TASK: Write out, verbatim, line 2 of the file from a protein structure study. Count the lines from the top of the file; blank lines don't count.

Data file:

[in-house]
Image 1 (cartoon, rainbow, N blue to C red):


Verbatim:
Image 1 (cartoon, rainbow, N blue to C red):